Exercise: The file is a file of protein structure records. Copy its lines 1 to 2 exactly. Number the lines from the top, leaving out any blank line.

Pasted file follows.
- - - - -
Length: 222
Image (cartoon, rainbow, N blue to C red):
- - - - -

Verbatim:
Length: 222
Image (cartoon, rainbow, N blue to C red):